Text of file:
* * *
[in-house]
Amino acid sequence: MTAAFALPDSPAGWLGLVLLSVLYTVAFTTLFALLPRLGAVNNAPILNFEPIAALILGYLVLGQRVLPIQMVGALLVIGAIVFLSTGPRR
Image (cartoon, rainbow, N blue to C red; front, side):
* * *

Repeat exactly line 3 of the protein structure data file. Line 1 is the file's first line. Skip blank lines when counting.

Image (cartoon, rainbow, N blue to C red; front, side):